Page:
A few weeks ago, I sent a letter to my local congressperson through the American Celiac Disease Alliance (ACDA) regarding the FDA and its labeling standards for gluten-free food and medicine. (Yes unfortunately, not all medicine is gluten-free.) I was very happy to receive a positive email back from Congressman Scott Garrett on the topic, and I wanted to share it with you:
Thank you for contacting me regarding labeling standards for gluten-free food products. I welcome the opportunity to respond to you.
To begin, I appreciate your advocacy on behalf of those with dietary gluten restrictions. As you know, "gluten" refers to a specific complex protein that is contained in wheat, barley, and rye. As of 2009, 1 in 301 Americans have allergic reactions to gluten which sets off an immune reaction that attacks the intestine and can affect the entire body. This condition is referred to as celiac disease. Individuals who are affected by celiac disease have varying reactions to gluten ranging from mild stomach upset to life-threatening nutritional deficiencies. I understand this condition very well since I currently have a Congressional staffer in my District of Columbia office that has celiac disease.
In 2007, the FDA published a proposed rule (72 Federal Register 2817) on "gluten-free" labeling. In the rule, FDA proposed that foods labeled "gluten-free" cannot contain any of the grains wheat, rye, barley, or their crossbred hybrids (e.g., triticale), or 20 parts per million or more gluten. In the proposed rule, FDA committed to conducting a safety assessment on gluten exposure in individuals with celiac disease in order gain more knowledge about how to define the term "gluten-free." The FDA completed the safety assessment, and will develop the final rule taking into consideration comments received on the proposed rule and the findings of the safety assessment.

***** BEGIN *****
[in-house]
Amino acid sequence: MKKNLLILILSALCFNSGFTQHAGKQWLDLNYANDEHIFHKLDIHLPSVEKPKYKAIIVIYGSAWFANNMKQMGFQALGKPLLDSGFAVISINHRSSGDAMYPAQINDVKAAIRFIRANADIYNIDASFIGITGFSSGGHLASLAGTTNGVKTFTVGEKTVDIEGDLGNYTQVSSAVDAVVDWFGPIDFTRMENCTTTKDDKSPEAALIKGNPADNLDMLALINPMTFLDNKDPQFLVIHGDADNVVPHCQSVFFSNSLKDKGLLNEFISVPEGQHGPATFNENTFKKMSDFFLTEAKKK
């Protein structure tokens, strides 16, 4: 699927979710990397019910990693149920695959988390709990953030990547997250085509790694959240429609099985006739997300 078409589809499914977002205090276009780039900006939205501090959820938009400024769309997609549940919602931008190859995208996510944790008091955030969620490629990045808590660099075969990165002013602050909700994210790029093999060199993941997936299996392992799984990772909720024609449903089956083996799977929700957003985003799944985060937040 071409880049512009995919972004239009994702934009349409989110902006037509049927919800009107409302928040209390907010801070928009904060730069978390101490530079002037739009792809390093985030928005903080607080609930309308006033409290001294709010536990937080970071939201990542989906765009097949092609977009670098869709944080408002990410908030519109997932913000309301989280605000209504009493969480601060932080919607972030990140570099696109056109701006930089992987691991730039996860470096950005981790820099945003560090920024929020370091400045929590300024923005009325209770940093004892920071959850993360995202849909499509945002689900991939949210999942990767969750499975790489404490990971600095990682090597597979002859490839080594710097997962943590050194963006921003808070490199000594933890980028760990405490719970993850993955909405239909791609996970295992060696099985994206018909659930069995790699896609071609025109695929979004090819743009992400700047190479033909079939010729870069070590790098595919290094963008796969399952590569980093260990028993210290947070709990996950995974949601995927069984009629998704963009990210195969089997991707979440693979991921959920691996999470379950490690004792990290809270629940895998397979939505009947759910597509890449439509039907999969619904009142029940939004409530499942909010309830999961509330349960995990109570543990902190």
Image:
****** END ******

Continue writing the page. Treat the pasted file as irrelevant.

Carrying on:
I believe Congress should ensure that the FDA has the proper rules and regulations in place to ensure products containing allergens like gluten are clearly labeled so consumers can be confident in the safety and quality of their food. We have a responsibility to ensure that consumers have access to appropriate product information, especially when that information can have a direct impact on the health and well being of a consumer. In addition, we need to provide manufacturers with the maximum amount of gluten that a product may contain, if any, to be specified as gluten-free. Otherwise, food manufacturers may make up their own guidelines as to what constitutes a gluten-free product, which is the current industry status quo.
Please know that I will closely monitor the FDA's actions and that I appreciate your views on this issue. Should legislation concerning gluten-free labeling come to the House floor for a vote, I will consider it with your thoughts in mind.
If you have celiac disease or a gluten intolerance and are looking for a way that you can also take action and contact your local elected officials, head to this part of the ACDA website to see what the latest "action" activities are.